"One cannot make up stories; one can only retell in new ways the stories one has already heard" – Carolyn Heilbrun.

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I love a good retelling. Apparently I'm not alone, as they are extremely 'in' right now, each publisher turning out one after the other– each with its own unique spin. It's not a bad thing, but it seems to be the flow of the publishing tide for now.

In this swell of retellings, I find that some don't get the appreciation they deserve before the next is in the spotlight. So, here are 5 underrated YA retellings that I think should be given more love.

Romanov by Nadine Brandes

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“Revenge would have shattered us both. But you've given us the opportunity to be strong. To mend our hearts instead of break them further.”

I've mentioned it before on WHI, and you know what... I'll probably mention it again. 'Romanov' is an enchanted retelling of Anastasia, the late Grand Duchess of Russia who was killed in the Russian Revolution. Though it may not be an action- packed thriller, it is a dramatic character- focused tale about magic, forgiveness, and family.


Sky Without Stars by Jessica Brody and Joanne Rendell

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"The rich traded goods and extravagances, while the poor traded dreams and ideas."

This is (in the best possible way) one of the strangest retellings I've ever read. It's Les Miserables, but in space. Futuristic technology, rising tension, and three perspectives all interwoven make this a unique and engaging read.


Spinning Silver by Naomi Novik

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“But the world I wanted wasn't the world I lived in, and if I would do nothing until I could repair every terrible thing at once, I would do nothing forever.”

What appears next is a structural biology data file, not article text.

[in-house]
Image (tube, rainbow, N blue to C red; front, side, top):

'Spinning Silver' retells the tale of Rumpelstiltskin with a Russian- inspired fantasy landscape. Follow an intriguing heroine and uncover mysteries of the Tsar in this magically underrated book.


The Wrath and the Dawn by Renee Ahdieh

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“Some things exist in our lives for but a brief moment. And we must let them go on to light another sky.”

Probably the most well- known on the list, it deserves all its praise. 'The Wrath in the Dawn' is just so much fun. It has titillating suspense, tremendous drama, and a tenacious heroine. It retells the tale of 'One Thousand and One Nights'-- a novel comprised of stories from the Middle East and India. It is Scheherazade or 'Shazi' who tells these stories, and in this book we get to know her a lot better.


Fawkes by Nadine Brandes

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"Perhaps bravery meant entering into a storm you already knew would destroy you"

A revolution. A magic system made of color. A plague turning everyone to stone. All these things are found in 'Fawkes', a fantastical retelling of the historical events that are celebrated every Guy Fawkes day. This book is so unique, following a boy who is slowly turning to stone all while learning the ways of White color magic. He also happens to be the son of Guy Fawkes, who is planning his revolution and dragging his son along with him. It's pretty amazing. You should read it.

That is all. If you think of some more underrated novels, please post an article about them, and tag me so that I can appreciate them too! :)

Have a lovely day and year and life-- and don't you dare stop reading.

A collection for book lovers
This article was written by @_audreylaine for the Tenth Muse Writer's Team.